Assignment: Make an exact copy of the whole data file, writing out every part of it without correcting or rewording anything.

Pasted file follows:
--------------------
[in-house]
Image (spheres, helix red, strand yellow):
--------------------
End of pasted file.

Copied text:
[in-house]
Image (spheres, helix red, strand yellow):